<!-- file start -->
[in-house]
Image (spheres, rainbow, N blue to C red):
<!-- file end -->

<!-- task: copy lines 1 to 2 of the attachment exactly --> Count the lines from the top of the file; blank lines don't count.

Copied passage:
[in-house]
Image (spheres, rainbow, N blue to C red):